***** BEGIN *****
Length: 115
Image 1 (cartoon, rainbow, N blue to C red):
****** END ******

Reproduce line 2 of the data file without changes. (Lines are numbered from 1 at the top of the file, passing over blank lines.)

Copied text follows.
Image 1 (cartoon, rainbow, N blue to C red):